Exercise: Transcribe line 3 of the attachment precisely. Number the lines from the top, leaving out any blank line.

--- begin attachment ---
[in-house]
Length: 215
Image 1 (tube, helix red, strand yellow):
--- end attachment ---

Image 1 (tube, helix red, strand yellow):